Scripture text: Isaiah 7:14-16
Among Christians this passage in Isaiah is one of the most beloved in the Old Testament. We have heard it read at Christmas celebration after Christmas celebration. Following the gospel of Matthew, we read it as a prediction of the virgin birth of Jesus. If we read it without those Christmas trappings, however, it speaks a much more jarring message.
In its original context, the passage is set during the reign of the Judean king Ahaz. Judah is under severe threat from its two northern neighbors, Israel and Aram. They have invaded Judah or are about to do so. When they capture Jerusalem, the two kings of Israel and Aram plan to overthrow the dynasty of David and set up a puppet king in its place.
The threat seems desperate enough that Ahaz is contemplating inviting the king of Assyria to come to Judah’s rescue. (Ahaz ultimately does just that, with disastrous results for not only Israel and Aram, but also Judah.) At this moment of crisis Isaiah visits Ahaz and delivers a word from God. Don’t take any such action, God tells Ahaz. Instead have faith in God, and you, Ahaz, will be firmly established.
As a confirmation of this word, God gives Ahaz a sign. A young woman shall bear a son and name him Immanuel (which in Hebrew means God with us). Before the child has emerged out of toddlerhood, the two kingdoms of Israel and Aram will be gone.
This sign is meant to confirm the promise of God and to strengthen Ahaz’s trust. But notice how the sign works. It places the guarantee of God’s promise into the future. That’s not how we usually expect a sign to work. We expect a sign to provide a solid, unchallengeable reason in the present to trust the divine promise.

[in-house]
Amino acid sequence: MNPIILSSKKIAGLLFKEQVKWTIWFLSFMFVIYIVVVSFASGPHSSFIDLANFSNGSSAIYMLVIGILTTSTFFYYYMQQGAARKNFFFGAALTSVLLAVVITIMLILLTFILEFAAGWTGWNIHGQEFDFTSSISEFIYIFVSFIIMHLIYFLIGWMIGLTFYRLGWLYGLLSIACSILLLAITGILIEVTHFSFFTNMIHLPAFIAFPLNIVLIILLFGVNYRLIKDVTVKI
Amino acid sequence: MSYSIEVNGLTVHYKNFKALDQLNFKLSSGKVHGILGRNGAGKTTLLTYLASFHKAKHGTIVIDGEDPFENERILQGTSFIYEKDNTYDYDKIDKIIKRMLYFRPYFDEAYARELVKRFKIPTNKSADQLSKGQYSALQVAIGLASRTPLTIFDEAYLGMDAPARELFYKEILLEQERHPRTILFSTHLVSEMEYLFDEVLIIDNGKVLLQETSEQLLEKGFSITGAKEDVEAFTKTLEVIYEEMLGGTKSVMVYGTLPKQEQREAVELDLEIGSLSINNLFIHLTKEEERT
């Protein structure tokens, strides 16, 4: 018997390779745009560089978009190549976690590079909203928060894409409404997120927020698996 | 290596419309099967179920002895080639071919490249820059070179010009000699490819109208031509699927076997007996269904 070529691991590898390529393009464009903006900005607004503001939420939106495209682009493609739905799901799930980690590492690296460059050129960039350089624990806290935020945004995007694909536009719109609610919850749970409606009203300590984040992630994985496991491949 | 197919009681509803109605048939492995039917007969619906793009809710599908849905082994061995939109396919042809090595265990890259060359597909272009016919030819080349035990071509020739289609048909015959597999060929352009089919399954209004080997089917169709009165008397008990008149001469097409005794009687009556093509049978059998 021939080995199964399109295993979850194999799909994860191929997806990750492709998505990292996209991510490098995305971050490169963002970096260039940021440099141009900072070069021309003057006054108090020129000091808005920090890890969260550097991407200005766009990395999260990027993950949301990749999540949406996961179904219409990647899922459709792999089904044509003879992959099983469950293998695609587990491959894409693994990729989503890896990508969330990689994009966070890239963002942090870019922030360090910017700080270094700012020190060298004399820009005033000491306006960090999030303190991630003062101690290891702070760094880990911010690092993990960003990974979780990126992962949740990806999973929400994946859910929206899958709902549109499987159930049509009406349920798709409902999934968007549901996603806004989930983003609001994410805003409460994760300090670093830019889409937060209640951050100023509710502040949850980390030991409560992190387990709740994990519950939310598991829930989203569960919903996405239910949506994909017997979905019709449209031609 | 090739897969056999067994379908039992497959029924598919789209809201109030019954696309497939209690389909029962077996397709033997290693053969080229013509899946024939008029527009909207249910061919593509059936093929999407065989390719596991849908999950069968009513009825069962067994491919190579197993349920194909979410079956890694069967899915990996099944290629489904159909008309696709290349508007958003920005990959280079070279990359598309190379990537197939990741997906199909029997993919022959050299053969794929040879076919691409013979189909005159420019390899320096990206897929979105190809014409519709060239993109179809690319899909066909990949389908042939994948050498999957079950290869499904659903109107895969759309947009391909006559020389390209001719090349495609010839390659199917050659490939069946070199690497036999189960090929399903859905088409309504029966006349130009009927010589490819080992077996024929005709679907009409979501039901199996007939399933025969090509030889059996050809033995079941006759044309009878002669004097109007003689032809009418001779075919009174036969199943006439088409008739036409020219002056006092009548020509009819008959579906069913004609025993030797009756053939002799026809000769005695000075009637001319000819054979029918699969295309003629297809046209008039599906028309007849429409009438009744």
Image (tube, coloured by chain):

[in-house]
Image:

The sign God gives calls upon Ahaz to trust in God’s promise without a present guarantee. This means that Ahaz must trust without any guarantee other than Ahaz’s trust in the reliability of God. (The ultimate guarantee is God’s own character.)
This means also that if Ahaz decides to trust in God’s promise, he must step out and accept a risk, a high risk. The life of faith becomes a way of living riskily.
This is quite the opposite to the way we often hear the life of faith presented in our churches. The more common way is to present the life of faith as a way of life that leads to security and stability. We enter into God’s shalom by trusting in God. Yet such an approach tends to obscure the reality that the life of faith always involves some acceptance of risk.
When we walk with God by trust, we can never know in advance where it will lead us. It may lead to a resolution of our problems, to emotional stability, and even to prosperity. But it does not always do so. It can lead us as well into situations of danger, persecution, high anxiety, and even deprivation.
Yes, the life of faith is backed up by God’s promise that he is leading us into his kingdom of peace and wholeness in the end. But getting there can involve accepting real risk. And I think we need to accept that as a fact of the life of faith.
Is it possible that learning to live life riskily is also part of the way Christ fulfills his promise that he has come to give us life, full life? A rock climber seldom feels more alive than when he or she is climbing a steep mountain cliff. The climber must be fully alert and conscious of each movement he or she makes. Is not the thrill of skydiving not tied up with the realness of the risk involved?
In a comparable way, is the life of faith never more fully alive and vivid than when we are called to step out into a situation with some risk in following